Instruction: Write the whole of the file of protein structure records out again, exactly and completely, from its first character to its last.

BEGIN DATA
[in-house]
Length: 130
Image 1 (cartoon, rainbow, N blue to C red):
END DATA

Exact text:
[in-house]
Length: 130
Image 1 (cartoon, rainbow, N blue to C red):